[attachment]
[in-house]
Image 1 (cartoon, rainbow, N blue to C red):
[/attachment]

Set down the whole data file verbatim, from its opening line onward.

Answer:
[in-house]
Image 1 (cartoon, rainbow, N blue to C red):